The terrain of Qausuittuq National Park varies from wetlands and lowlands to plateaux, bluffs and hills. Prehistoric glaciation shaped the surface of Bathurst Island. Moving across the land, glaciers deposited layers of sedimentary rock including limestone, sandstone and dolomite. The landforms they left behind include moraines, eskers and raised beaches (i.e., former beaches that are now above sea level).
Flora and Fauna
The climate of Bathurst Island is among the coldest and driest on Earth. The temperature averages -32˚ C in January, while July sees an average of just 5˚ C. Snow can fall in midsummer. Over much of the island’s tundra landscape, there is no vegetation at all (see also Vegetation Regions). Where vegetation does grow, it is commonly found on an irregular surface of small hummocks. In wet areas, it consists of thick mats of lichens, mosses, grass, sedges and herbs such as yellow arctic poppies. Purple saxifrage, a hardy, edible flower, is one of the first to appear in spring. The territorial flower of Nunavut and a common tundra herb, it grows low to the ground where it is less likely to be damaged by wind. The only tree that can survive in Qausuittuq is the arctic willow, whose branches twist along the ground.
Despite its harsh conditions, Qausuittuq harbours diverse wildlife and is among the most pristine places left on the planet. Muskoxen roam the interior of Bathurst Island. A main reason the park was established was to protect critical calving grounds and winter habitat for the endangered Peary caribou, the smallest subspecies of caribou in Canada. Recent studies indicate that populations of muskoxen and Peary caribou are on the rise. Predators in the park include small populations of arctic wolves and arctic foxes.
In contrast to the extreme conditions for life on land, the Arctic Ocean is an environment in which many species thrive. The ringed seal and the bearded seal, respectively the most populous and the largest seals in the Arctic, inhabit the waters off Bathurst Island. Walrus, narwhal and the massive bowhead whale, which can live as long as 200 years, are also found in the area.
Bird life is abundant, at least in the brief summer. The rich sea life supports sea birds such as gulls and jaegers. The wet sedge meadows are nesting grounds for snow geese and shorebirds. Just north of the park is Seymour Island MigratoryBird Sanctuary, which protects the largest known colony in Canada of the rare ivory gull.
Polar bears inhabit land and sea, roaming the ice that remains almost year-round.
Traces left by the early Inuit (Thule), Pre-Dorset and Dorset peoples dating back 4,500 years have been found on Bathurst Island, primarily to the south and the east of the park. Archeologists have made discoveries related to the Late Dorset (c. 500–1200 BCE) near Bracebridge Inlet in the southern part of Qausuittuq.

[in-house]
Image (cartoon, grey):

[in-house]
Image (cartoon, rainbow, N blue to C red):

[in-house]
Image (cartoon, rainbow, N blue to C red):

Beginning in the early 19th century, several British naval expeditions arrived in the Bathurst Island area, searching for the elusive Northwest Passage or the lost Franklin expedition (see Franklin Search).
In the 20th century, explorers sought to establish Canadian Arctic sovereignty and conducted geographical, geological, hydrological and biological research. Most recently, exploration in the area has focused on finding resources such as oil, gas and minerals.
In the 1950s, the Canadian government forcibly relocated 87 Inuit about 2,000 km from Inukjuak, in northern Quebec, and from Pond Inlet, on northern Baffin Island, to Resolute and Grise Fiord. These new communities became Canada’s most northerly settlements. The Inuit had to adapt to a much colder climate, unfamiliar terrain and few resources for survival. They named their new High Arctic home Qausuittuq (“the place where the sun doesn’t rise”), because they had to endure 24 hours of darkness during the winter (see also Arctic Circle). Eventually, they discovered marine and terrestrial hunting areas that became key to their survival, including rich caribou hunting on nearby Bathurst Island.
Creation of the Park
A national park on Bathurst Island was first proposed in 1994. Talks began that year between the Canadian government and the Resolute Hunters and Trappers Organization. Feasibility studies and negotiations continued until 2015, when an Inuit Impact and Benefit Agreement was signed between the federal government and the Qikiqtani Inuit Association (which represents Inuit communities in the Baffin region). On 1 September 2015, Qausuittuq was established as Canada’s 45th national park. The first tourists arrived in July 2016, and the official opening ceremony took place in Resolute in August 2017.
Park Management and Visitor Facilities
Qausuittuq National Park is co-operatively managed by Parks Canada and the Qikiqtani Inuit Association. A central feature of the agreement between these parties is the protection of the park’s cultural heritage and ecosystems. In all management decisions, it is recognized that Inuit are an integral part of these ecosystems. They retain the right to use the park, harvest wildlife within its boundaries and remove carving stone found there, as well as participate in all facets of its management.
While no visitor facilities had been established as of 2018, visitors are encouraged. The terrain is rough — either dry, broken rock, or wet, muddy meadows — and no trails are marked. Access is by chartered aircraft, boat, snowmobile or dogsled from the community of Resolute, where Parks Canada plans to build a visitor centre and park office.